It's been said before and it'll be said again, but going through video game history in this way really allows you to see the major milestones in a given genre, be it by looking back and seeing where something came from, or looking further back to see how far a title has brought gaming forward.
Ultima Underworld II: Labyrinth of Worlds is a classic example of this. I love that it shows the early days of 'proper' first-person role-playing games to which the likes of The Elder Scrolls owe a little and that it can be compared to the likes of Dungeon Master from the 1980s to see how much improvement has been made in six or so years of technological advancements.
There's a lot of content still to come on the 1001 list that will offer similar chances to look forward and backwards through history, but for now, we are - once more - going to save Britannia.
The Ultima series is already lengthy, and this instalment sees you return to Britannia to celebrate your previous victory with Lord British at his castle. All goes well until the next morning, when, out of nowhere, a Blackrock dome surrounds the castle, trapping those inside, separating them all from the surrounding countryside. Who has done this? Why have they done so? How do we get out and save the day?
Well, we struggle. The initial problems are obvious on the character creation screen - the mouse sensitivity will have to be increased for it to be playable. Once that's done, we find ourselves inside our room in the castle, armed with nothing and left to discover how best to move around in these three dimensions - mouse or keyboard. With WAXD movement by default.
I shuddered - as did my view, trying to keep up with my attempts at moving - but tried to get on with it.
Despite many problems with controls, certainly compared to today's RPG offerings, Ultima Underworld II is just as deep and detailed as our previous dive into the series with Ultima VII. The castle feels sparse but lived in, with bottles and boxes where bottles and boxes should be, for example.
It's a little jarring to see a modelled bed in one corner of a room and flat bottles in the other, but at least you can see from a distance what you can and can't interact with.
Sometimes, at least.
Secret doors are all over the place, with one in the very first room in the game - your own bedroom - leading to a bunch of useful items relating to the character you created. They're tailored for the very character you choose to play as but are hidden behind a secret door that nobody would think to look for unless they knew about it from YouTube first...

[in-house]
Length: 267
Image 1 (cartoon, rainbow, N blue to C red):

Yeah... I'll get to that.
Further Fun Times
While everything is dark and dingy - partly due to the technology of the early 1990s, but also due to the whole dome of Blackrock surrounding the castle, blocking out all natural light - the characters you can introduce yourself to (or reacquaint yourselves with) are welcoming and chatty. With a choice of questions you can have as much or as little of a chat as you'd like before carrying on with your day... or night... or time, I guess. Until they get in your way.
You can push characters around by simply moving into them. Often, you'll not want to do this, but you'll do it anyway.
Sometimes you'll push animals and creatures around, only they'll be so short that they won't be visible on the screen and you'll wonder why your movement is suddenly so sluggish as to be really rather irksome, and you'll want to get your sword out and deal with the pest, only for you to have not equipped your sword, and then not have the attack option selected, and then have no idea if you're actually hitting anything because you can't look up or down until you step backwards far enough to be able to see what you needed to see a second earlier...
I had a hard time with Ultima Underworld II. I didn't like the controls, I didn't like having to switch interaction modes every time I wanted to do something different, like speak instead of look or attack instead of open a door, I didn't like my first impression with it, but I do like Ultima Underworld II having watched it. Sort of.
By that, I mean that I like how it retains an inventory system that makes sense, albeit a slightly cumbersome one. I like how different characters will have different stats and skills and would, therefore, need different approaches to the game in order to get through it. I like how there is a living breathing world on display here. Sort of.
It's just so dark. It's like a permanent sewer level that I'm desperate to escape. I just want to see a skybox, even if it's hideous. Development is clearly limited by technology, at yet so much appears to have been crammed in that you should see it in some form anyway.
The story sees you travelling through parallel dimensions - because once you're done exploring the castle, there's nothing else in this domed prison - solving side quests on your way to achieving your much more important goal, and to me, that sounds a bit... bleh.
It looks dark and sounds bleh... and yet it has to be played to see how far we've come. How does that even work?
In order to keep maintain a timely development schedule, the artwork was done by artists contracted in from Origin Systems. Enemy designs had to be described over the phone such that the artists were on the same page as the developers. Not such a simple task for a fantasy themed RPG full of otherworldly monsters.
Ultima Underworld II: Labyrinth of Worlds, developed by Looking Glass Technologies, first released in 1993.
Version played: DOS, 1993.
Version watched: DOS, 1993 (Kikoskia)